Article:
TYLER, TX (KLTV) - A bill named after an East Texas student has now passed the senate and is on its way to the governor’s desk.
Sam’s Law, a seizure recognition bill for Texas teachers, is named after Samantha Watkins.
She was a Kilgore high school student who died after complications from a seizure in December of 2016.
Since then, her mother and others from East Texas have been fighting for a law to help students in Texas.
“I can not even wrap my head around the fact that that many children can be helped from my daughters legacy," said Barbara Watkins, Sam’s mother. "From our tragedy, this many children can go to school and feel safe."
Although she never doubted it would become a bill, Watkins said she’s still trying to grasp that it’s almost a reality.
“It’s just crazy that her legacy can mean this much and I guess I haven’t wrapped my brain around it just yet,” said Watkins.
The Region Seven Education Service Center — which serves 102 school districts and charters throughout East Texas — plans to be a bridge between the law and the teachers and students it will eventually help, according to Sherri Wright, the coordinator for federal programs.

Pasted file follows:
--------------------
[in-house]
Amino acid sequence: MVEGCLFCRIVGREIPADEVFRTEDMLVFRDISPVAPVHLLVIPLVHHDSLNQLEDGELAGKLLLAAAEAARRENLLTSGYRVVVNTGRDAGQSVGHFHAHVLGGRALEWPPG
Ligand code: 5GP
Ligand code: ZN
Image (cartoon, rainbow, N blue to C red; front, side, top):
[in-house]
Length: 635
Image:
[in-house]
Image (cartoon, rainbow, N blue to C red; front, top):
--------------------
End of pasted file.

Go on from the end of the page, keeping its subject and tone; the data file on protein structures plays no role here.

At the upcoming school nurses’ conference — hosted by Region Seven, UT Health East Texas and UT Health Science Center — Wright said they hope to have a video from Barbara Watkins and Shari Dudo (the driving force behind the bill) explaining it’s importance.
Wright said they’re also bringing in a medical professional.
“We are ensuring that we have someone there, a physician, to talk about seizures and to give clarifying information, helpful information to the school nurses," said Wright.
Wright said she can recall a certain moment in high school, more than almost any other, because of a seizure.
“You know, in high school, you don’t remember much of what happened, but I vividly remember where I was sitting in the gym seats," said Wright. “I remember where the young man was that fell and he had this seizure. That’s so vivid in my memory.”
She said the personal memory helped her connect to the new law.
“It’s going to help all educators to know exactly what to do to support students regardless if they’re in the classroom, the gym, the cafeteria; wherever they are,” said Wright. “Even the school bus... they will know exactly what to do to support that student and help them safely make it through the seizure.”
Watkins said she’s proud of the role her daughter played in making this possible, saying she was always dropping things to help others.
“I can’t wait for what’s next,” said Watkins. “I know she’ll have something planned for me down the road.”
The bill passed through both chambers of congress unanimously and now awaits the signature of Governor Abott to officially become a law.